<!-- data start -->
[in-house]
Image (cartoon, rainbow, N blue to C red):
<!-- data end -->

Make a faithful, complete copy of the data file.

[in-house]
Image (cartoon, rainbow, N blue to C red):